“The Embedded Vision Summit is bigger than ever,” I wrote in last year’s show report. It was the same again this year. With over 40 exhibitors and 1000 registrations, the show again grew 30-40%. Besides attracting more people, there was also more to see: the exhibition ran for two days instead of one and there were two days filled with 3 parallel tracks of talks. There were even additional workshops on a third day.
The show’s growth reflects the state of the computer vision industry. You may not realize it, but you’re probably already using computer vision techniques many times a day. Your phone’s camera automatically focuses on faces in view. Apps like snapchat or face swap carefully analyze the captured images using computer vision and manipulate them in unique ways. On the streets, security cameras have sophisticated motion detection algorithms that only hit record when you’re walking by. Cars on the road behind you automatically slow down when they get too close. Computer vision algorithms unlock your phone or not based on your fingerprint. The food you’ll eat today has likely been inspected using cameras, and the jar it comes in has a barcode on the side that was scanned during check out at the store. The mail you’ll receive was routed using cameras reading the address on the envelope. Computer Vision is already widespread and it’s rapidly becoming cheaper, more powerful, and more prevalent every day. And that’s exactly what the show was all about. Just like the Internet changed our lives in the past two decades, computer vision will change it significantly in the next two decades.
The show also attracted more media attention than in previous years. Max Maxfield from Embedded.com wrote about Day 1 and Day 2 at the show. Stephan Ohr at the EE Times wrote a nice article “Automotive Safety Rules Embedded Vision Summit,” highlighting the fact that automotive was a major topic at the show.
There were three keynotes. Google’s Jeff Dean spoke about how deep learning is used at Google. It’s interesting it’s not just about reaching the best detection rates anymore. Some of the emphasis for CNNs has shifted toward making them more compute efficient. Larry Matthies from NASA’s Jet Propulsion Laboratory gave an interesting talk about computer vision to enable autonomous land, sea and air vehicles, like the rover they put on Mars. His talk was much less about object detection and classification, but much more about how such vehicles navigate in their surroundings. Larry showed that techniques like Structure from Motion then become much more important. Jeff Bier, founder of the Embedded Vision Alliance showed that computer vision will become ubiquitous and invisible and a huge creator of value, both for suppliers as well as those who leverage the technology.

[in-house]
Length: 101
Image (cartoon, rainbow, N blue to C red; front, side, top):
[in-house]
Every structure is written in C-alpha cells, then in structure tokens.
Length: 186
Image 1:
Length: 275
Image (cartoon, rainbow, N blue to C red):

We had a talk in the business track on automotive: ”Computer Vision in Cars: Status, Challenges, and Trends”. Just as cars replaced horse carriages in the 1920s, electronics will replace us human operators in the 2020s. We started off with some of the benefits of self-driving cars: they save lives, save time and save money. For car manufacturers though, change will at first be gradual. With each new model year, they’re adopting increasingly sophisticated advanced driver assistance systems (ADAS) that aid the driver, instead of taking full control. We gave an overview of the state of these ADAS today and a glimpse into the future.